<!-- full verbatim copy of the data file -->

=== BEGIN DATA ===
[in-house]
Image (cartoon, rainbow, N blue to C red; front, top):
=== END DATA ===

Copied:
[in-house]
Image (cartoon, rainbow, N blue to C red; front, top):